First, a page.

Resources for Non-Textbook Based Inquiry in History

This week there was a lot of inquiry going on in the History room.  The 8th graders were studying the Boston Massacre and the beginnings of the revolution in America; the 6th graders were preparing for press conferences to announce the unification of Upper and Lower Egypt by King Menes; the 7th graders presented the results of their week-long inquiry into how the Christian church took over as law and order in Western Europe after Rome fell. 

The students were engaged with the material and with each other, all week long.  They were not sitting in their seats, bored out of their minds, taking notes, listening to a boring lecture and struggling to stay awake.  They were actively doing research, asking questions, planning, organizing, leading and following, writing, revising, and rehearsing for presentation time.  Learning must look like this; it must be students doing. Students listening to someone talking about learning or rote memorizing are not learning.

I have always had a project- and problem-based classroom, but over the years, my approach has evolved to almost purely inquiry.  I have discovered that there just isn't any other meaningful way to teach or learn history. I am a trained historian myself, so I understand the challenges historians face doing history for a living.  I understand that historians don't have a textbook with the answer key; they must analyze, collaborate, discuss, research, interview, revise and present their work.  Sometimes they have to go back to the drawing board because they discovered their findings are off base; that's life.  That's my classroom.  My students are much better for this method rather than the reading, memorizing and studying from the textbook method.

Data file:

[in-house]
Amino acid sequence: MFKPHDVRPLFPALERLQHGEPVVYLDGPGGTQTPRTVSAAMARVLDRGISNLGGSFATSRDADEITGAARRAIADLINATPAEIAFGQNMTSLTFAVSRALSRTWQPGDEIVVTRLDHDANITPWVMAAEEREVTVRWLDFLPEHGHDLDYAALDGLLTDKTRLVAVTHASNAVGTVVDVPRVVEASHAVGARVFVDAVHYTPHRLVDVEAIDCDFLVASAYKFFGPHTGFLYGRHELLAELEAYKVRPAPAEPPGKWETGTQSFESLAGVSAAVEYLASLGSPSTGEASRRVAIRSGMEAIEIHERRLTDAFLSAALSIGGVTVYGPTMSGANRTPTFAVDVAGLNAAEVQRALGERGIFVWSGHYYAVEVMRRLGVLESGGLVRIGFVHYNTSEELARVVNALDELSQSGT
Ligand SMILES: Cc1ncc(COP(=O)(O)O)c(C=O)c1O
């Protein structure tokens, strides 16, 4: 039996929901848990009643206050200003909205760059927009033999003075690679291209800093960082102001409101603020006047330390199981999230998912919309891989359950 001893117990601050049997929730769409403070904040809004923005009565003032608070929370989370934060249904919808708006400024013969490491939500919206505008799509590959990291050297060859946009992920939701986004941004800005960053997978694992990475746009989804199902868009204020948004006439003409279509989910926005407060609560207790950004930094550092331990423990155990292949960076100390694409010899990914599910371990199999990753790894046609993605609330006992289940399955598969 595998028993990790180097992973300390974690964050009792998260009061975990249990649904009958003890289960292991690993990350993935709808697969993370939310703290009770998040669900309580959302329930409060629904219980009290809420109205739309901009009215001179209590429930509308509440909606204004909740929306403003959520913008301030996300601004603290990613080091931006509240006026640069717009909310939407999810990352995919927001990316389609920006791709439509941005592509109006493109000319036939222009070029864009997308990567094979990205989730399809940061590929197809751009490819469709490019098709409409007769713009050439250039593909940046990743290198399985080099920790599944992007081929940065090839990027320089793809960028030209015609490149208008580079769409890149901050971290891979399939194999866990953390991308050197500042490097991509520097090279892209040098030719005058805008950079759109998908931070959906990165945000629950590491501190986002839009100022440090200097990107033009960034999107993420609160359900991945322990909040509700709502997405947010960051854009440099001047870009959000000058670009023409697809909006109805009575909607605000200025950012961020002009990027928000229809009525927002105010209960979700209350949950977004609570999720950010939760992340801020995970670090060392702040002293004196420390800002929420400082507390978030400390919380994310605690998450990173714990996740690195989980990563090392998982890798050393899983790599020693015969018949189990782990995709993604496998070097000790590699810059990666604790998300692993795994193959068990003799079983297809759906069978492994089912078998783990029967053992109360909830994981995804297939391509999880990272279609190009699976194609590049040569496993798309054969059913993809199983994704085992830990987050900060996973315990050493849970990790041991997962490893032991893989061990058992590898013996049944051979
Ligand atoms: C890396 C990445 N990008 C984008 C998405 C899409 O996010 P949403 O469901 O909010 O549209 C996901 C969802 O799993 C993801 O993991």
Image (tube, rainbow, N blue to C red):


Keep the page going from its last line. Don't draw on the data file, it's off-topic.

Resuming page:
Teaching the Boston Massacre this week, I decided to do something different from all the other times I have taught this lesson.  This time, I simply provided my students with 7 primary source documents, essential questions (goals to work towards), a couple of internet resources, and a simple Animoto with background information.  I let them puzzle out the events, the issues, and the controversy of perspective and propaganda. 

(Link to Boston Massacre background information: http://www.bostonmassacre.net/)

For this activity, I used the "Multiple Perspectives Activity," although there are many other great lesson plan ideas and resources on this link: Boston Massacre.

When they presented their findings to the class, I was amazed at the results.  Because I had not introduced the subject, they did not approach the lesson with any preconceived notions.  They approached the lesson with blank minds, but quickly formed their own opinions based on all the readings. Because I did not introduce the controversy about the 'massacre' to them, they began to form the understanding of the event all by themselves, in their inquiry and in their own discussions with each other. 

The results were so much richer than in any previous years because the students were allowed to form their own understanding of the event, rather than learning it from the perspective of a teacher who introduces the topic with a bias.

 

(This is the introductory material that I used.  I showed it to the class after they had already read and analyzed the primary source documents listed above.)

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